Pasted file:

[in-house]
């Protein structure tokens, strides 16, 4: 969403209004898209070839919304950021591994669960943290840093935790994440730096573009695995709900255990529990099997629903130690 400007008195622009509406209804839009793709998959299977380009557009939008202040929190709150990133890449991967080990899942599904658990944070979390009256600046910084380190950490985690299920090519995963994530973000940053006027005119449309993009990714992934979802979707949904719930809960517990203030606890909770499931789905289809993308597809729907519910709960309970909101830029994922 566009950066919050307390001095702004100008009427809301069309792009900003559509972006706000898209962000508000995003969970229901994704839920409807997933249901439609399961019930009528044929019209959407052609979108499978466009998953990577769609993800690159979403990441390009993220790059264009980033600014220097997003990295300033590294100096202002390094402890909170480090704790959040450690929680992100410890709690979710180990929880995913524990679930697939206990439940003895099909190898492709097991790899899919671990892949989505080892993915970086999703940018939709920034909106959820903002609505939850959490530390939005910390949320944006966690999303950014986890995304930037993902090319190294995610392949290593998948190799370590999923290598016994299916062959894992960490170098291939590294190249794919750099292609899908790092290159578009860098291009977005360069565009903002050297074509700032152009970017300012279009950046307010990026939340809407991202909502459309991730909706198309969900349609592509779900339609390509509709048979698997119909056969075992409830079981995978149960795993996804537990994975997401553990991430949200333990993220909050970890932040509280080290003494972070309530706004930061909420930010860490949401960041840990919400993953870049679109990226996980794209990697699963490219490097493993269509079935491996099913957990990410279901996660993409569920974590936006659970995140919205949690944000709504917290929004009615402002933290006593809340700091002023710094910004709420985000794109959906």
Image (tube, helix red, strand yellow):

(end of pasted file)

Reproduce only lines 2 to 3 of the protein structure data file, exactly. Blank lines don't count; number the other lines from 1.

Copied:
């Protein structure tokens, strides 16, 4: 969403209004898209070839919304950021591994669960943290840093935790994440730096573009695995709900255990529990099997629903130690 400007008195622009509406209804839009793709998959299977380009557009939008202040929190709150990133890449991967080990899942599904658990944070979390009256600046910084380190950490985690299920090519995963994530973000940053006027005119449309993009990714992934979802979707949904719930809960517990203030606890909770499931789905289809993308597809729907519910709960309970909101830029994922 566009950066919050307390001095702004100008009427809301069309792009900003559509972006706000898209962000508000995003969970229901994704839920409807997933249901439609399961019930009528044929019209959407052609979108499978466009998953990577769609993800690159979403990441390009993220790059264009980033600014220097997003990295300033590294100096202002390094402890909170480090704790959040450690929680992100410890709690979710180990929880995913524990679930697939206990439940003895099909190898492709097991790899899919671990892949989505080892993915970086999703940018939709920034909106959820903002609505939850959490530390939005910390949320944006966690999303950014986890995304930037993902090319190294995610392949290593998948190799370590999923290598016994299916062959894992960490170098291939590294190249794919750099292609899908790092290159578009860098291009977005360069565009903002050297074509700032152009970017300012279009950046307010990026939340809407991202909502459309991730909706198309969900349609592509779900339609390509509709048979698997119909056969075992409830079981995978149960795993996804537990994975997401553990991430949200333990993220909050970890932040509280080290003494972070309530706004930061909420930010860490949401960041840990919400993953870049679109990226996980794209990697699963490219490097493993269509079935491996099913957990990410279901996660993409569920974590936006659970995140919205949690944000709504917290929004009615402002933290006593809340700091002023710094910004709420985000794109959906």
Image (tube, helix red, strand yellow):